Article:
Here are 10 ways to quickly boost your grant writing skills – this information is general and these skills may help you with any grants processes your organisation might be involved with:
- Make sure you are eligible
- Build credibility
- Make clear your challenge
- Get straight to the point
- Link to the community
- Sing your own praises
- Do the maths
- Take a compliment
- Review review review…
- Keep your eye on the date
1. Make sure you are eligible
Before spending time writing a grant application, check you are eligible.
Read the grant application documents to check:
- The funding is for the place where you work
- The funding is for activities you provide
- You will be able to do the things the funder is asking for, in the time the funder wants them
- You satisfy any other basic requirements such as having the right legal structure
(For example, if applying for an ILC grant, you will want to first review the ILC Policy, the ILC Commissioning Framework and documents contained in a Community Grants Hub Application Pack for an ILC grant).
Don’t try to change or compromise your organisation’s activity just to meet the grant criteria.
2. Build credibility
To set yourself apart from other organisations, make your story brief and clear:
- What is your purpose?
- What do you do?
- Who do you impact?
- How? (The storybuilder can help you do this.)
List the work you have done in the past and explain how it has changed people’s lives.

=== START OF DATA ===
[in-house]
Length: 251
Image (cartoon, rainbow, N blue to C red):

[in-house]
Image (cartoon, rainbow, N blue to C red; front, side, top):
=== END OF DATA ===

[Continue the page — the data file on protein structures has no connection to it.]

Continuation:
Include any evidence, including research that proves that what you do works.
3. State your challenge clearly and highlight evidence
Clearly describe the challenge or social problem you are working to address. Provide quantitative and qualitative evidence.
Quantitative evidence may include the numbers of people you have supported and the survey results about the changes they have experienced.
Qualitative evidence might be a series of case studies or stories about the people you’ve supported in your work.
4. Get straight to the point
Be clear and concise from the start about your specific goals and organisational objectives. Many grant applications have word limits. There is skill in describing what you do in a limited number of words. It takes practice. The questions in grant applications also link to the assessment criteria, so make sure you answer the question that is asked.
- how you plan, develop, deliver, manage and monitor your activities.
- the activities you are offering, how these are going to be delivered, to whom and how often.
- your desired outcomes.
- your governance arrangements (to show that you have good management practices in place to oversee the work that you do).
5. Link to the community
Be very clear about what your end goal is. Who are you here to help?
You need to clearly communicate who your stakeholders in the community are and how you work with them. Explain how people with disability have been involved in developing your application.
You also need to describe how you design and deliver your services with the stakeholders in mind. How connected are you to the community you support? Are your stakeholders, including people with disability, involved in defining or helping you improve your activities? Do you work with or have relationships with other organisations within your community to create wrap around or complementary services and resources?